Your character comes with a handful of connections as well which give you some ability to customize the character outside of the playbook you choose.
Your connection to other players’ characters allows you to give them inspiration while your connection to NPCs allows you to give them orders. Your connection to knowledge allows you to reveal new stuff as does your connection to gear. Lastly, your connection to organizations lets you order things too like requisitioning stuff or calling for a special mission.
Connections are measured by ratings that start at 1 and go up from there. You get these from your playbook but you also can gain increases during play. You can lose points too, though, and if a connection drops to zero then you lose the connection (the person stops talking to you, the gear breaks or is lost, the group blacklists you, etc).
There’s a great introduction to taking actions here that can apply to all RPGs (putting things like dominating the table into focus and explaining why sometimes you roll and other times you don’t worry about it) but I’ll skip that for now. You don’t roll against a target number in this system; like other PbtA games you roll 2d6 and see what the sum is. You can achieve nothing (6 or lower), get a weak success (7-9), get a strong success (10-12), or a grand success (13+).
To this roll, of course, you add your modifier (which might be negative) based on your attributes and connections, and there might also be situational penalties to make it harder. The GM might also require a minimum level of success to achieve what you want, such as saying that the security system is top of the line so you have to get at least a strong success.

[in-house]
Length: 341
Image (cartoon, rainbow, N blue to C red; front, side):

There are moves in all the playbooks but there is also a list of Common Moves that everyone can do. Assault (based on Strange) is your standard attack action and Schmooze (based on Charm) is your standard social roll. There isn’t really a defense roll (to keep your secrets or avoid being hit) you just have to modify the other person’s roll. Avoid (based on Bottom) is stealthing around, Block (based on Top) is taking a hit for someone, Lore (based on Down) is knowledge checks, Reveal (based on your a connection and requiring Future points) pulls out the perfect item, and Scope (based on Up) is insight and perception rolled together.
In addition there are Support Moves which allow you to help out others. Inspiration (based on a connection) can boost another player character’s roll after the fact, Prepare (based on whatever makes sense) lets you buff someone’s roll before they try it, and Order (based on your connection and requiring you move a Future point to History) let’s you direct your NPC companions or allies around.
One really cool thing is that there are tactical mechanics with all of these rolls, affecting subsequent and preceding rolls. For example, when you use Assault and you get a strong success then you get +3 to Assault if you do that next. Likewise, when you Scope a situation or person you ask a question of the GM and then gain +1 to your next action if it’s based on the answer.
There is just so much in these playbooks that I can’t shoehorn it into a review with the rest of the book. That means you can look forward to next time! Check out Farflung if this review strikes your fancy and if you get itthere will still be something for you next time since you can focus on my analysis of each playbook. Let me know in the comments if you have further questions about the game or if you already have Farflung and want to share admiration, criticism, or confusion!